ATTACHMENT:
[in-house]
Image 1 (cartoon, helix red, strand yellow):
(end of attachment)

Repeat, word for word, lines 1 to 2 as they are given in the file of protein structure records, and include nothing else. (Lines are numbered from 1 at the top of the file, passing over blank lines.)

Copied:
[in-house]
Image 1 (cartoon, helix red, strand yellow):